Hot Tub Shopping Do’s and Don’ts
As you learn more about the different types of spas and the numerous available features, you might begin to think that hot tub shopping is a potentially complex and stressful process. Rest assured that it doesn’t have to be! We know there’s a lot of (sometimes conflicting) information out there that can be difficult to sort through. That’s why we’ve compiled a short list of “Dos and Don’ts”.
A local dealer (like Recreation Unlimited) will have a showroom where you can see the hot tubs in person prior to purchase. They will have a hot tub specialist to guide you through the hot tub shopping process, step by step, answering your questions and making recommendations based on your unique needs. There should also be an experienced technician on staff who can service your hot tub and perform any necessary repairs down the road. For this reason, it’s important to choose a company that has been (and will be) around for quite a while.
The internet can be a wonderful place to buy just about anything. But some purchases are still best done in person, and hot tubs are certainly one of them. Aside from the absence of personal interaction, installation and ongoing maintenance provide perhaps the biggest challenges for online shoppers. Combine curbside delivery with lack of a professional technician to complete the install, and you’ve quickly found yourself dealing with a potentially stressful situation. It can also be difficult to find someone who will service a hot tub purchased online. And parts are not always readily available.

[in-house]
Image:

An established manufacturer will stand behind their product and be able to provide you with replacement parts should you need them. When hot tub shopping, You’ll want to make sure the brands you’re considering when adhere to relevant 3rd party standards. Hot tubs by Cal Spas and Caldera, for example, are CEC (California Energy Commission) certified, as well as NSF certified, meaning they have undergone and passed rigorous product testing.
As we learned in our “Hot Tub Myth Busters” article, more jets does not automatically equate to a better hot tub. It’s the combination of pump strength, design, number, and placement of the jets that matters. What areas/muscle groups do you specifically want to target that will optimize your hydrotherapy experience? Is one pump sufficient or would you benefit more from a spa that has a dual pump system? These are questions a knowledgeable hot tub expert will be able to address for you.
When shopping for a hot tub, ask if you can do a test soak or “wet test”. A reputable dealership will encourage you to try out the hot tub you are considering purchasing, or one very similar to it, because they want you to get the right tub for you.
It might be tempting to get sucked in by flashing lights and cascading waterfalls. While these are great features, they shouldn’t be your primary consideration. Make sure you get a chance to sit in the hot tub you are interested in, or at least a comparable seating in a model of the same brand.
You’re in the market for something that will bring countless hours of enjoyment and relaxation, so have fun learning about the different options available and ways to customize your spa. Your hot tub specialist should be primarily concerned with helping you find the right (and not just any) spa.